N MAGAZINE: The United States has been largely immune to these kind of pandemics up until now. Why have we not been able to prevent this and was this avoidable?
DR. ARNOT: The great difficulty is that at each stage we’ve had a staggering amount of warning. We knew a virus like this was going to come. The Chinese saw it in Wuhan and did not act anywhere near as quickly enough. Then the South Koreans saw it. Then the Italians, the French and the British. Now we’re seeing it. So we had very good fair warning. The tragedy is that there is “just-in-time planning” and “just-behind planning,” and everything we’re doing now is “just-behind.” Everything was late, late, late. We had the information, the technology, the manpower and the money to have beaten this thing, but now we’re paying the price in hundreds of thousands of dead. The tragedy is how avoidable much of the fallout was. I’ve been working on ventilators. The idea was to have nearly zero inventory of parts. Now that they need to scale production, these parts are scattered all over the world. One key part is in Malaysia under lock and key. They couldn’t be scaled fast enough to meet the demand in New York City. We found the ventilators in the national stockpile were missing parts and had older hoses which didn’t work.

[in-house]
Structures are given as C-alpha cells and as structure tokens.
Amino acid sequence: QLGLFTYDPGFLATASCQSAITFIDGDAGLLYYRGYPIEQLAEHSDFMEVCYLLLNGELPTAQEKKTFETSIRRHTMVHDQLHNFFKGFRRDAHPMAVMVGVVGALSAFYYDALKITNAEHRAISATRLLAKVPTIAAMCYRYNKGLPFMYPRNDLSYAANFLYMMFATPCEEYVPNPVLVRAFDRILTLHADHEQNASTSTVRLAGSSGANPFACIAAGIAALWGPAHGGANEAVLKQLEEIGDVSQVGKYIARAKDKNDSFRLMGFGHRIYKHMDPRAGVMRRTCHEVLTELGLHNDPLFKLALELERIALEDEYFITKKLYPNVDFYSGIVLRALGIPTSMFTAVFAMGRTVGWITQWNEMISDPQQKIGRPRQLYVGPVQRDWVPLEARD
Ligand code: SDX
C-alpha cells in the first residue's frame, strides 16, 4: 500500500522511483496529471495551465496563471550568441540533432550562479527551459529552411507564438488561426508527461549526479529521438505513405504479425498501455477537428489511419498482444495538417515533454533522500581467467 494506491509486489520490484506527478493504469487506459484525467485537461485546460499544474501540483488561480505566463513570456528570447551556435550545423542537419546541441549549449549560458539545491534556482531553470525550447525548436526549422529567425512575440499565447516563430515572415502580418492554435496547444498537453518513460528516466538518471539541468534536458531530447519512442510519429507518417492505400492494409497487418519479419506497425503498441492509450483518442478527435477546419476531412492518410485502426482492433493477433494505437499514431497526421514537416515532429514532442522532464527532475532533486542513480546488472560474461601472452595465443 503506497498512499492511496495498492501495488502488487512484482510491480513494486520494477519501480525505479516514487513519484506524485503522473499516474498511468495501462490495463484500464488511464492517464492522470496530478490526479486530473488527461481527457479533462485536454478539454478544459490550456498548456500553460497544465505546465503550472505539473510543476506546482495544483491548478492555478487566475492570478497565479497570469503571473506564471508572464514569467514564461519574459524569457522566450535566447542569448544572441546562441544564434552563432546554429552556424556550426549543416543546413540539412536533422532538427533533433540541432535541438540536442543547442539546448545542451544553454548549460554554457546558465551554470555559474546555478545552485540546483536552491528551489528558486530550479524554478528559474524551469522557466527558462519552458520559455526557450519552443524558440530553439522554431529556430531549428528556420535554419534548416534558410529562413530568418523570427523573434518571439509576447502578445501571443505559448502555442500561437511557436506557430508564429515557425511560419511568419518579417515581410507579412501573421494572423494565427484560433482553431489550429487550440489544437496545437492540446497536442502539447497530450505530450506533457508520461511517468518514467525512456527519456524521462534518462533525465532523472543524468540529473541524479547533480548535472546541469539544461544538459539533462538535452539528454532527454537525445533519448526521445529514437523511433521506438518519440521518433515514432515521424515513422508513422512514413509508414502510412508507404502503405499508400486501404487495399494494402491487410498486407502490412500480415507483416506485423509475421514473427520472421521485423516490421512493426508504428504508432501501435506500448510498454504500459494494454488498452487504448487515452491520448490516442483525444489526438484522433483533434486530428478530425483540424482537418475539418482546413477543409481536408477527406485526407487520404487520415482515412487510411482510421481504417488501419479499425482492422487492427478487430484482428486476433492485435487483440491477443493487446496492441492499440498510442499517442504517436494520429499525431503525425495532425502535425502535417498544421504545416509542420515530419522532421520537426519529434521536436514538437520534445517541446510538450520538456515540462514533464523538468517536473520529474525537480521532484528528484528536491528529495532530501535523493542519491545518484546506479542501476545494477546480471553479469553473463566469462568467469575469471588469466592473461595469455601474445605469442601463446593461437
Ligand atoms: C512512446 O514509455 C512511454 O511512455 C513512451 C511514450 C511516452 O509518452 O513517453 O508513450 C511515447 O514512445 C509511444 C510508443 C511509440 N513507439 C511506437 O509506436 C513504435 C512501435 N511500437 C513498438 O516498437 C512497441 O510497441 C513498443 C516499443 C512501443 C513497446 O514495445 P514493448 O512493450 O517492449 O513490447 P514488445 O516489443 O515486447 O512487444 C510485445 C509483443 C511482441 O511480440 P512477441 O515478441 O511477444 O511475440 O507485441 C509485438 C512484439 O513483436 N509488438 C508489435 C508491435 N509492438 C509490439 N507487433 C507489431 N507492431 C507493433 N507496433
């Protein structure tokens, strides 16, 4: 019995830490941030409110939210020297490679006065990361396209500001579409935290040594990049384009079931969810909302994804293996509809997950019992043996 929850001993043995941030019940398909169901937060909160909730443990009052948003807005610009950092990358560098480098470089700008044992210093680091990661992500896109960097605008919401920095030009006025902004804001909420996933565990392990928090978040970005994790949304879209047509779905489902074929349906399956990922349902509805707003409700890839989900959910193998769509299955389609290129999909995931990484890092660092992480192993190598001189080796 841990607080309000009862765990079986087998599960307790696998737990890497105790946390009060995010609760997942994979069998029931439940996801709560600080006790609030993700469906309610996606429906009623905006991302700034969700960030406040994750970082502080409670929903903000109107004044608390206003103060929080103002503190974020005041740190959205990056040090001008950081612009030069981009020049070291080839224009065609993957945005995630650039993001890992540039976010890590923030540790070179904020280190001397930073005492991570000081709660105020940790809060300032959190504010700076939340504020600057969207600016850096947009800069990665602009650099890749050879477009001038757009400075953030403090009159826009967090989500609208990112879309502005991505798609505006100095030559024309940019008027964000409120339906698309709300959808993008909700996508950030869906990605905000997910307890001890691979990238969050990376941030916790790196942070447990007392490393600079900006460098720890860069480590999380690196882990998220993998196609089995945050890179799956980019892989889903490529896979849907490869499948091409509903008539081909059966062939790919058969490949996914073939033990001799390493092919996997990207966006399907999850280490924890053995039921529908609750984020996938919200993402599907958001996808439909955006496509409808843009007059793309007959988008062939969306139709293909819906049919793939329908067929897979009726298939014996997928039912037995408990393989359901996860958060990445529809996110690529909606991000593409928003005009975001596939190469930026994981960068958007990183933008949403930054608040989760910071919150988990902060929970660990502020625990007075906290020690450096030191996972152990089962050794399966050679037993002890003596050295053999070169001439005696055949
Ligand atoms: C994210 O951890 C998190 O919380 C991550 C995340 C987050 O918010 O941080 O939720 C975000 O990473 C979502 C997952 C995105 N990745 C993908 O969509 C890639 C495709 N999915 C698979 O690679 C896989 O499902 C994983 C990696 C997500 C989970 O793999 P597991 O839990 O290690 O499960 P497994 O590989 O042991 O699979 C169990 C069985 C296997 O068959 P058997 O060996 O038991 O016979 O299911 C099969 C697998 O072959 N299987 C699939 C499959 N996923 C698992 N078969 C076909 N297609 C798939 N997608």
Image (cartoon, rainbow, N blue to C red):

N MAGAZINE: Where were the specific failures?